The Past Present
The Past Present, an eclectic collection of stories, was first published in the UK in 2000 by IUMIX Ltd. In 2001, a new edition was published as POD and as an Ebook. A few years later, IUMIX, ahead of its time, unfortunately ceased to exist.
In 2012, I released the Kindle version of The Past Present.
Cover Art: Sharon Ratheiser
Cover Design: Sessha Batto
What readers have said about the stories:
Reading through Sylvia Petter’s The Past Present is very much like Ben, the leprechaun’s “travelling, … drifting in a cloudy, lovely world” where flickers of sunshine wipe away the sometimes harsh realities of daily life. Each character’s intimate perceptions of his close environment are rendered through skilfully etched flashes of his or her experiences. Discover the diverse messages of these highly contrasting short stories and please yourself by taking a trip into the author’s haywire imagination, humour and word-play. My personal choice goes to “An Imaginary Friend” but why not find out “The True Story of What Really Happened to Humpty the D.”?
– Sophie Elias, Paris
To get the progressive sense of a unifying theme, I recommend reading The Past Present from start to finish like a novel. The title really kicks in as you move from one story to the next – how people and places in our past add up to who we are in the present. By reading each story successively you also appreciate the way the collection has been paced; the rhythms created by the varying length and intensity of the stories (always powerful situations built through dialogue and – especially those set in Australia – gorgeous descriptions of place) are like life’s rhythms.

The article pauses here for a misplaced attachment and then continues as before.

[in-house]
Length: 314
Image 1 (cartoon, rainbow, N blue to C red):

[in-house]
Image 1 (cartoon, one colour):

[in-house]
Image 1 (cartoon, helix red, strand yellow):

– Gail Mangold-Vine, American writer living in Switzerland
Sylvia Petter’s The Past Present is just that; the past brought into today’s light. Petter whips up a witty and whimsical batch of brilliant ‘nouvelles’ which give varying representations of her own days of yore. These quick and concise tales range from adventures with leprechauns to heart wrenching accounts of life affected by World War II. Her dramas span continents and are envisioned by a colorfully mixed cast of characters. Woven through time, these tales seem to silhouette Petter’s own questions and lifelong conclusions; she pours secrets and tells of lovely lonely memories. While each story demands reflection, the work left me asking for more from Sylvia Petter. Each story averages about 4 pages making this book an ideal commuter’s read.
– Nichelle Wood, Associate Producer for WRG fm (World Radio Geneva), Geneva, Switzerland
Petter has a way of looking at the world that can be funny, moving, and original all at the same time.
– Susan Jordan, Boston, USA
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